Gujarat Exclusive > National-World > BJP’s free COVID-19 vaccine promise in Bihar polls is not a code violation: EC

BJP’s free COVID-19 vaccine promise in Bihar polls is not a code violation: EC

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The Election Commission of India has said that BJP’s promise to offer free COVID-19 vaccines in the run-up to the Bihar polls is not a violation of the Model Code of Conduct (MCC).

Earlier, activist Saket Gokhale had sought action under the model code of conduct. The EC in its response has cited three provisions from the Model Code of Conduct.

The three provisions state that the election manifestos should not contain anything repugnant to the Constitution; should avoid making promises that vitiate the purity of the electoral process or exert undue influence on the voter and trust of the voters should be sought only on promises that can be fulfilled.

“Given the above, no violation of any of the provisions of Model Code of Conduct has been observed in the instant matter,” the EC said in its reply.

Gokhale had while seeking action stated that the BJP’s promise was discriminatory and misleading as India was yet to announce a vaccine policy.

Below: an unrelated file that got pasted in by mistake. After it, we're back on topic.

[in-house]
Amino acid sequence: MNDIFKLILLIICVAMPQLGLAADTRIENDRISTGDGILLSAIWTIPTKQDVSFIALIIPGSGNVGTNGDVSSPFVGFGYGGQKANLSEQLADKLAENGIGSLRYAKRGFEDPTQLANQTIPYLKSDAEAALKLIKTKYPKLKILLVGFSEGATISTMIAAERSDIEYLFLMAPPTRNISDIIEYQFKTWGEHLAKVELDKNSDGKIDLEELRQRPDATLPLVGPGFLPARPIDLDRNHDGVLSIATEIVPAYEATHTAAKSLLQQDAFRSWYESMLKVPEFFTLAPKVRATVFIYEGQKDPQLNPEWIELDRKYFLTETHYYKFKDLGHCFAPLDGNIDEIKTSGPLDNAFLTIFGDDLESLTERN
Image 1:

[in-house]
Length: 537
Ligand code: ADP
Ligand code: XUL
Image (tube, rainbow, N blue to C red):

Finance minister Nirmala Sitharaman had while releasing the BJP’s manifesto for Bihar polls announced that COVID-19 vaccine is all but ready and will be provided for free to everyone in the state.

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Sitharaman’s announcement elicited outrage with the opposition asking the Election Commission to take suo-moto cognizance of the matter.

Vaccine promise, earlier such allegations and EC’s ruling 

Media reports quoted sources as saying that the EC has a precedent of excluding welfare schemes.

Media reports pointed out that a similar charge was brought against the Congress for its NYAY Yojana in 20019 that promised a universal basic income of Rs 72,000 annually.

The commission had used the same three provisions cited in the BJP case to strike down demand for action against the Congress. It had said that welfare schemes are not likely to vitiate the purity of the election process or exert undue influence on voters.

When the controversy over the vaccine had begun several former election commissioners had pointed out that political parties had a right to make such promises.

 

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